Climate change is also impacting biological systems in several ways. That has already led to an increase in threats that pests – such as desert locusts, for instance – pose to crops. Locust attacks have become more frequent and likely due to climate change. They are the most destructive migratory pest with a voracious appetite and can wipe out entire fields within minutes. Already 40 percent of global crop production is lost to pests, according to the FAO, and this will likely increase with climate change.
The adverse impacts of these losses on food insecurity would be orders of magnitude higher because of the way our food systems are organised. The IPCC estimates that because of climate change, food prices could rise by upto 29 percent by 2050 putting millions more at risk of hunger. It would also have implications for our diets, which are already high on calories and low on nutrients. They are likely to become even more nutrient deficient as the availability of key micronutrients reduces.
We are seeing the crisis up close this year
If there were any doubts over the likelihood of these outcomes, recent events should quell them. Let's only look at the impacts of extreme weather events this calendar year.
The “biblical” floods in Pakistan, caused tragic loss of life and led to displacement for millions. They also led to the widespread destruction of crops, affecting about 35 percent of the total area that had been planted. They have also led to the loss of livestock, which are integral to the livelihoods of millions.
While Pakistan’s neighbour India did not see floods of the same magnitude, its staple crops have suffered at the hands of climate change this year as outputs of both wheat and rice will decline for the first time in several years. If we move east, China’s record drought is likely to lead to a decline in the production of rice compared with last year. Down under in Australia, the recent floods have caused damage to wheat, barley, rice and canola crops.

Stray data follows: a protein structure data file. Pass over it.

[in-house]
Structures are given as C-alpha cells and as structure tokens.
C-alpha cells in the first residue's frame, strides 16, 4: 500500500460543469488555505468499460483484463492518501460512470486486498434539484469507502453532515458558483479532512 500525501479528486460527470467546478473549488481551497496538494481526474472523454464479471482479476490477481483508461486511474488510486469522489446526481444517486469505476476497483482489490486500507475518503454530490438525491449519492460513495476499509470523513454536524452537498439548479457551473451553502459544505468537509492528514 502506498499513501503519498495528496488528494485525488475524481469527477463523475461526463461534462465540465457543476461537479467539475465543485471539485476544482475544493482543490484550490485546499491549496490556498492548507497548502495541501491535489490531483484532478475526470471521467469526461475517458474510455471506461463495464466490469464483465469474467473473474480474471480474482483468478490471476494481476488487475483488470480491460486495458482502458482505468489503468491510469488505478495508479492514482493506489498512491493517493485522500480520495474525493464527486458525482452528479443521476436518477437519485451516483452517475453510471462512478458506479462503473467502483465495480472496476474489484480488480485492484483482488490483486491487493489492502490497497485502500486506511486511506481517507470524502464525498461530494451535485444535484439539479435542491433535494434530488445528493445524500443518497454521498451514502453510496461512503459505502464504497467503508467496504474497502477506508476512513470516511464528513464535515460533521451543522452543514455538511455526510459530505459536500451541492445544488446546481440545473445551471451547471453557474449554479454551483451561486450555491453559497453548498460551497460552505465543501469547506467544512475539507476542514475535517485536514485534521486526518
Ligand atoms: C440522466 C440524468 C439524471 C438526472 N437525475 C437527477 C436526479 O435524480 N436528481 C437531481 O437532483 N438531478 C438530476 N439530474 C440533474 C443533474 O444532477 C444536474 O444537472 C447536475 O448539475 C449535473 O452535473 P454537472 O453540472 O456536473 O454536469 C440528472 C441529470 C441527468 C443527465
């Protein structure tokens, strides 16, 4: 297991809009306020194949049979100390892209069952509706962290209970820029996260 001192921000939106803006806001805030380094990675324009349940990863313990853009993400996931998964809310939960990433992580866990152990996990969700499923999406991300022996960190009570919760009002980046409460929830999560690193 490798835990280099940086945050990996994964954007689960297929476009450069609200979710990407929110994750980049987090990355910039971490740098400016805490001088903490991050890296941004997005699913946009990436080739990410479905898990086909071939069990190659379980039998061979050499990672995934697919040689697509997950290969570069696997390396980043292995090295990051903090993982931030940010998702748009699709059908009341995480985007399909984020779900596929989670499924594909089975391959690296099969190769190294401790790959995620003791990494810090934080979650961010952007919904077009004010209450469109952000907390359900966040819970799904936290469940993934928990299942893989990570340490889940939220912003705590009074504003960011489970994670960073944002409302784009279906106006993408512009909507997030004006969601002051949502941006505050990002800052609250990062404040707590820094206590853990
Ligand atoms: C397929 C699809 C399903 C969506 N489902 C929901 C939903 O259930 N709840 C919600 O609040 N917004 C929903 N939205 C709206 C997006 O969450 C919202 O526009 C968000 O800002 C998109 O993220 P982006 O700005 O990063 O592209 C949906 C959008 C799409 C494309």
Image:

In South America, Argentina’s prolonged drought has impacted 75 percent of its agricultural area. While in Europe, the warmer-than-usual summer and drought are projected to lead to reduced output of several crops. Similarly, drought in the United States has meant reduced outputs of key crops. And perhaps most worryingly of all the multi-year drought in the horn of Africa is contributing to a situation where famine is looming.
Globally production of cereals is forecast to see a decline, according to the FAO. The stock of wheat excluding that held by China (China is excluded from these calculations due to its low participation in global trade) is set to hit a 14-year low.